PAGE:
Using A Mallet to Smash Shiny Myths

The new, fully archived blog is now: www.cambridgeblog.org

Full of whacking metaphors?! My favorite kind of review!

Marginal Revolution takes Against Intellectual Monopoly to task. In addition to all the whacking, poster Alex Tabarrok does my other favorite kind of review; one that really engages the authors and argues nuances with them.

Against Intellectual Monopoly is a relentless, pounding, take no prisoners attack on patent and copyright law. It joins Lessig’s Free Culture and Heller’s The Gridlock Economy as an instant classic and a must-read on these issues.

Many people argue that the patent system has gone wrong in recent years, Boldrin and Levine argue that the patent system was rotten from the start. James Watt they say was a “scoundrel” who with his politically-connected partner Matthew Boulton used the patent system to crush their innovative opposition and delay the industrial revolution.

During the period of Watt’s patents, the United Kingdom added about 750 horsepower of steam engines per year. In the thirty years following Watt’s patents, additional horsepower was added at a rate of more than 4,000 per year. Moreover, the fuel efficiency of steam engines changed little during the period of Watt’s patent; however between 1810 and 1835 it is estimated to have increased by a factor of five.

Will books be published without copyright? Boldrin and Levine point out that the 9-11 Commission Report was profitably published by Norton despite being available free for download. Not to mention the fact that most of the great works of literature were published without copyright. Boldrin and Levine are top-notch theorists but AIM is widely accessible and it succeeds best with its many historical discussions and contemporary anecdotes.

Read the rest of the review on Marginal Revolution >>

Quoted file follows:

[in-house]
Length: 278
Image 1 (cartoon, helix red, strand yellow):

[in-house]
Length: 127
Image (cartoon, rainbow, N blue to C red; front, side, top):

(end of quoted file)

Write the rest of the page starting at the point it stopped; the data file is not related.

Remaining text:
“Dark Knight” Lasts 38 Hours Before Pirated

David K. Levine on keeping your monopoly just long enough to benefit from it — but not so long as to be, well, a monopoly. Further, Dark Knight did it without government intervention!

An interesting story in the LA Times about the movie “Dark Knight.” They went to great lengths to make sure that bootleg DVDs wouldn’t hit the streets for the first two days after the movie was released:

Avast!

Avast!

Warner created a “chain of custody” to track who had access to the film at any moment. It varied the shipping and delivery methods, staggering the delivery of film reels, so the entire movie wouldn’t arrive at multiplexes in one shipment, in order to reduce risk of an entire copy being lost or stolen. It conducted spot checks of hundreds of theaters domestically and abroad, to ensure that illegal camcording wasn’t taking place. It even handed out night-vision goggles to exhibitors in Australia, where the film opened two days before its U.S. launch, to scan the audience for the telltale infrared signal of a camcorder.

Warner Bros. executives said the extra vigilance paid off, helping to prevent camcorded copies of the reported $180-million film from reaching Internet file-sharing sites for about 38 hours. Although that doesn’t sound like much progress, it was enough time to keep bootleg DVDs off the streets as the film racked up a record-breaking $158.4 million on opening weekend. The movie has now taken in more than $300 million.

The success of an anti-piracy campaign is measured in the number of hours it buys before the digital dam breaks.

Continue reading

Trademark Abuse

David K. Levine is a professor at UCLA and author of Against Intellectual Monopoly. This post, from Against Monopoly, along with the ensuing discussion, poses some questions:

Do trademarks represent an identity? What rights do we have to our identities, corporate and otherwise?

From AM:

As you may know I am much more favorably inclined towards trademarks, than other forms of intellectual property. (Michele is less favorably inclined.) It seems to me a good thing that it is possible to tell who you are doing business with, and no downside monopoly. That may be the purpose of trademark law…but there is another part of creeping IP: the apparent right under trademark law to protect the image of your product. Daniel Monchuk directs us to an article in the WSJ about what seems to me to be trademark abuse. The article is about costume companies that are being sued by trademark holders for providing costumes based on trademarked characters. For the life of me I don’t see what this has to do with identity: there is no claim that these costumes are authorized by the trademark holder, nor can a costume based on a comic book be confused for a comic book. Perhaps Justin or someone else who knows more about the law than I do can comment on whether this is a proper use of trademark law as it exists. Certainly if the law allows it, then there is a big problem with trademark law.

Read on! >>